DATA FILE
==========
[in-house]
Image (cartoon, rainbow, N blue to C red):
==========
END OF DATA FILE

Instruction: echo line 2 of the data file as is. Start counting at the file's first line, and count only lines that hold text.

Image (cartoon, rainbow, N blue to C red):